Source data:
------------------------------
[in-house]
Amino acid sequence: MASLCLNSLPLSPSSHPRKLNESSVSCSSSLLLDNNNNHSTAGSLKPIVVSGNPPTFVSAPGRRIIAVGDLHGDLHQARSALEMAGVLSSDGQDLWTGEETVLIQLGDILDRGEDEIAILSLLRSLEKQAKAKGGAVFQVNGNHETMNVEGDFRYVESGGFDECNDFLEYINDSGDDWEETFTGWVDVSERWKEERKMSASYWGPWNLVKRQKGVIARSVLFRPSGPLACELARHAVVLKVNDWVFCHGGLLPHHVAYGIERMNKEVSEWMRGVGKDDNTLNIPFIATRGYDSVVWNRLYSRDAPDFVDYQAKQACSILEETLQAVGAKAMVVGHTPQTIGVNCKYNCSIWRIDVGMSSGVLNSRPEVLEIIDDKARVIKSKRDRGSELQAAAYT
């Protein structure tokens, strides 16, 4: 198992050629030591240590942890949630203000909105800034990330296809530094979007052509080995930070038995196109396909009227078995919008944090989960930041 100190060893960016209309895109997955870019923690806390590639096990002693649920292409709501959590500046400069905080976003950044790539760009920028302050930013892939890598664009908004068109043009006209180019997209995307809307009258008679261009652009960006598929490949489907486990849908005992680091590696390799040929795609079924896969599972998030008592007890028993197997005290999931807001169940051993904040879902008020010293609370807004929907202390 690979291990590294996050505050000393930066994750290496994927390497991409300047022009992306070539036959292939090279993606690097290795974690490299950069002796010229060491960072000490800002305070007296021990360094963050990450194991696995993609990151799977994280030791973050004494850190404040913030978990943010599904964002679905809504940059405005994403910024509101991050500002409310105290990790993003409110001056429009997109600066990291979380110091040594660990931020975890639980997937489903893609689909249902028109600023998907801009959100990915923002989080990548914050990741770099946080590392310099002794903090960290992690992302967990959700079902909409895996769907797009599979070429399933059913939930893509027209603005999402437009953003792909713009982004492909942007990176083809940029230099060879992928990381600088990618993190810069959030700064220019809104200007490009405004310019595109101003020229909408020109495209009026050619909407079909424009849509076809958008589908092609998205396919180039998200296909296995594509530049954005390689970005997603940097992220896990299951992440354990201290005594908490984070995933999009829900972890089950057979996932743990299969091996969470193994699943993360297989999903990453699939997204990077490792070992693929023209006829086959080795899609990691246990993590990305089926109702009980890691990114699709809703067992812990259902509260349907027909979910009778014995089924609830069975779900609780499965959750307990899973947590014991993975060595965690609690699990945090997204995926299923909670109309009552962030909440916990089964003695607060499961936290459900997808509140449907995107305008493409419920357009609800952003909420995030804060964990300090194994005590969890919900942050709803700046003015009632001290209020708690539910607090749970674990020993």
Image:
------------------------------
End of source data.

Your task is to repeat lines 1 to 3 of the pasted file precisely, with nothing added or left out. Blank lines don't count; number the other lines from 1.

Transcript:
[in-house]
Amino acid sequence: MASLCLNSLPLSPSSHPRKLNESSVSCSSSLLLDNNNNHSTAGSLKPIVVSGNPPTFVSAPGRRIIAVGDLHGDLHQARSALEMAGVLSSDGQDLWTGEETVLIQLGDILDRGEDEIAILSLLRSLEKQAKAKGGAVFQVNGNHETMNVEGDFRYVESGGFDECNDFLEYINDSGDDWEETFTGWVDVSERWKEERKMSASYWGPWNLVKRQKGVIARSVLFRPSGPLACELARHAVVLKVNDWVFCHGGLLPHHVAYGIERMNKEVSEWMRGVGKDDNTLNIPFIATRGYDSVVWNRLYSRDAPDFVDYQAKQACSILEETLQAVGAKAMVVGHTPQTIGVNCKYNCSIWRIDVGMSSGVLNSRPEVLEIIDDKARVIKSKRDRGSELQAAAYT
């Protein structure tokens, strides 16, 4: 198992050629030591240590942890949630203000909105800034990330296809530094979007052509080995930070038995196109396909009227078995919008944090989960930041 100190060893960016209309895109997955870019923690806390590639096990002693649920292409709501959590500046400069905080976003950044790539760009920028302050930013892939890598664009908004068109043009006209180019997209995307809307009258008679261009652009960006598929490949489907486990849908005992680091590696390799040929795609079924896969599972998030008592007890028993197997005290999931807001169940051993904040879902008020010293609370807004929907202390 690979291990590294996050505050000393930066994750290496994927390497991409300047022009992306070539036959292939090279993606690097290795974690490299950069002796010229060491960072000490800002305070007296021990360094963050990450194991696995993609990151799977994280030791973050004494850190404040913030978990943010599904964002679905809504940059405005994403910024509101991050500002409310105290990790993003409110001056429009997109600066990291979380110091040594660990931020975890639980997937489903893609689909249902028109600023998907801009959100990915923002989080990548914050990741770099946080590392310099002794903090960290992690992302967990959700079902909409895996769907797009599979070429399933059913939930893509027209603005999402437009953003792909713009982004492909942007990176083809940029230099060879992928990381600088990618993190810069959030700064220019809104200007490009405004310019595109101003020229909408020109495209009026050619909407079909424009849509076809958008589908092609998205396919180039998200296909296995594509530049954005390689970005997603940097992220896990299951992440354990201290005594908490984070995933999009829900972890089950057979996932743990299969091996969470193994699943993360297989999903990453699939997204990077490792070992693929023209006829086959080795899609990691246990993590990305089926109702009980890691990114699709809703067992812990259902509260349907027909979910009778014995089924609830069975779900609780499965959750307990899973947590014991993975060595965690609690699990945090997204995926299923909670109309009552962030909440916990089964003695607060499961936290459900997808509140449907995107305008493409419920357009609800952003909420995030804060964990300090194994005590969890919900942050709803700046003015009632001290209020708690539910607090749970674990020993």